Summary (Magill's Literary Annual 1991-2005)
Few readers would be astonished to learn that reading requires an act of consciousness. What many may not realize is that much of the act of reading also depends on a variety of unconscious mechanisms. For various reasons, since the early years of the twentieth century, the bulk of psychological research has confined itself to description and analysis of these unconscious mechanisms, while dismissing consciousness as an ephemeral and essentially meaningless byproduct of the brain’s workings. By the final decades of the century, however, many theorists had come to realize that this approach is too limiting and that consciousness plays a central role in aiding an organism in its struggle for survival. In the Theater of Consciousness: The Workspace of the Mind provides an overview for the general reader of the body of evidence that brings consciousness back into the research spotlight.
Evidence, for the scientist, does not exist apart from a theory. Lacking a theory, one lacks grounds to decide how to generate evidence, to specify which evidence is pertinent to the problem in question, and to understand what the evidence gathered means. Bernard J. Baars employs what is called Global Workspace theory as the framework within which he lays forth findings from various branches of research, including psychology, brain imaging, neurobiology, cognitive science, and philosophy. One of the theory’s early precursors was William James, the foremost American psychological theorist of the nineteenth century, ignored ever since by behaviorist-slanted academic psychology. Baars cites James’s Principles of Psychology (1890) numerous times throughout his book, showing how James, using simple introspection, generated ideas about consciousness that very closely match those of recent scientists using far more sophisticated techniques.
Ironically, though, introspection has returned as one of the techniques that brain scientists use, after having been dismissed for nearly a century as unreliably subjective, unquantifiable, and not consistently repeatable. When used with other more objective techniques, such as brain imaging and stimulus/response studies, introspection, or reporting of subjective experience, has proved valuable because it converges well with the objective data. It can thus be demonstrated that inner experience really does correlate with the outer world, at least for relatively healthy brains.
Yet much occurs in the mind that is not subjectively reportable—the vast domain of the unconscious. This contrasting phenomenon offers to the researcher a valuable method by which to define consciousness more precisely. Often, for instance, a stimulus that escapes conscious notice—a subliminal message perhaps—will influence the reporting of conscious contents. By pinpointing the crossover of unconscious contents to the conscious mind, researchers can not only locate those areas of the brain involved with consciousness but also specify the functions and tactics of consciousness. These methods—introspection, contrastive studies—join the sophisticated experiments of the modern laboratory, generating the exciting new data of which Global Workspace theory attempts to make sense.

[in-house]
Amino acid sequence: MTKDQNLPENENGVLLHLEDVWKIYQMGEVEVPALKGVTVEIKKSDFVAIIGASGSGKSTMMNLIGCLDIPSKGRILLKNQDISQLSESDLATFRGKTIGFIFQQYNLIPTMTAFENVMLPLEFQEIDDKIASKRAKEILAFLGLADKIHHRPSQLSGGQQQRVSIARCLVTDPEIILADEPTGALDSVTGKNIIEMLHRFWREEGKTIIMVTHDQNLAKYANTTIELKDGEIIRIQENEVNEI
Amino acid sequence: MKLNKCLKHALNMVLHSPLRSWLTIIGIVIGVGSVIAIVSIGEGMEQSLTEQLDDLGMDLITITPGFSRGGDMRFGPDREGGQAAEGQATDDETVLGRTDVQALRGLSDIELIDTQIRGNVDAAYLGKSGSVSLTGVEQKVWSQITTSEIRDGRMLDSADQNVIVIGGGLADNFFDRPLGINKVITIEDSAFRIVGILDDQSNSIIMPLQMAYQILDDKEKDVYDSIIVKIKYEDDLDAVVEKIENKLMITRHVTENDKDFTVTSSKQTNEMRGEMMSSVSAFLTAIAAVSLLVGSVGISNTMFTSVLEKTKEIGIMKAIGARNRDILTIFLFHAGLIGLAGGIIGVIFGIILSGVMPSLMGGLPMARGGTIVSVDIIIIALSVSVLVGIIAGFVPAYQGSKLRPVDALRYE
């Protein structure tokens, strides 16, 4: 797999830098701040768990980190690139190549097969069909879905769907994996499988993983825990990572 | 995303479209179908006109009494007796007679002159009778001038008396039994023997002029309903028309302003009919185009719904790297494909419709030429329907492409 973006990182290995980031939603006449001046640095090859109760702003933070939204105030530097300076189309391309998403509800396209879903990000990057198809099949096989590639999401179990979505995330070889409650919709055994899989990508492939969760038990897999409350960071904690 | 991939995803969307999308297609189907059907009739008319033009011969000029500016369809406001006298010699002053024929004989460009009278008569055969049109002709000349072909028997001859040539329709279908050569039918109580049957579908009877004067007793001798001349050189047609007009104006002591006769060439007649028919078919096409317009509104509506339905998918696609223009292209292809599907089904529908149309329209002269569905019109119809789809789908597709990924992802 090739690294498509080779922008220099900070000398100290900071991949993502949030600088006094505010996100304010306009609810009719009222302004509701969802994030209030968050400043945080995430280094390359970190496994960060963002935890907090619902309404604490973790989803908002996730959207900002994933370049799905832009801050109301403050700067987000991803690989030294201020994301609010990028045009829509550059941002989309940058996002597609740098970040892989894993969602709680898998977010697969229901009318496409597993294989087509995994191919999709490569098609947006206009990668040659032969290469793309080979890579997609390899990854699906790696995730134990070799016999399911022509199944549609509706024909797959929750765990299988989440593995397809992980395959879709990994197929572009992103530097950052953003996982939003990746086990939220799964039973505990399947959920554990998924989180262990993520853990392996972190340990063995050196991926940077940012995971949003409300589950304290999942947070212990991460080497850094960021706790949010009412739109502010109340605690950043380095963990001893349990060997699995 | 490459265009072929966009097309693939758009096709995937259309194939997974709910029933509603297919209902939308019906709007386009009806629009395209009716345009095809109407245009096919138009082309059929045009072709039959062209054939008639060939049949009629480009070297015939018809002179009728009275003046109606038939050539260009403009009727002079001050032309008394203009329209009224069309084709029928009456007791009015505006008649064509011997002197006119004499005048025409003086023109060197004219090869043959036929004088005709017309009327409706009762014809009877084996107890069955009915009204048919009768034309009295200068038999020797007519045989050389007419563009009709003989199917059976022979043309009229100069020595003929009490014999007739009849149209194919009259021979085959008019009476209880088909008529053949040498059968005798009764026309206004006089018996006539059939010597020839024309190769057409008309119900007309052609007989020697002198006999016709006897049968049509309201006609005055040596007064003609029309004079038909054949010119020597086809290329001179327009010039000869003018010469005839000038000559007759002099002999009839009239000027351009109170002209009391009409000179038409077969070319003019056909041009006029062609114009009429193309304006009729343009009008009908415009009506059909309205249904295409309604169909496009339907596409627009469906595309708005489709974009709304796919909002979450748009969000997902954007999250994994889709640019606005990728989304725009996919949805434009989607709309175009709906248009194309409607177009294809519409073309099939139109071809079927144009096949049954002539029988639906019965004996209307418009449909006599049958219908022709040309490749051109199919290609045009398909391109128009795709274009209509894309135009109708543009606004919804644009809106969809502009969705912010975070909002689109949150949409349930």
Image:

At the core of the theory is a metaphor of the mind as a theater, with consciousness operating on a central stage while the mind’s unconscious components work their effects as either directors or audience. According to Baars, this model is very different from what he calls the Cartesian Theater Fallacy, in which the conscious soul conjoins the physical body at a single point in the brain located within the pineal gland. Global Workspace theory, he maintains, recognizes a wide variety of sources of the information that helps to shape conscious experience as well as a number of different regions that are directly conscious. Nevertheless, throughout the book he speaks of the focus of consciousness that stands in the spotlight on a central stage, which sounds very much like the Cartesian fallacy he rejects. Unfortunately, he sometimes leaves it unclear where the metaphor ends and physiological reality begins.
This is not to say that the metaphor is not useful in organizing the various aspects of the mind in an easily understandable way. The model places consciousness within a brightly lit spot of attention onstage, with the rest of the stage occupied by the data available to humans through their senses and by working, or short- term, memory—the sort of memory humans rely on to dial a telephone number they have just read. A number of experiments have demonstrated that while humans can be conscious of only one sensation at a time, all of their senses are being processed and filtered through unconscious channels, becoming available when attention is...
(The entire section is 1948 words.)
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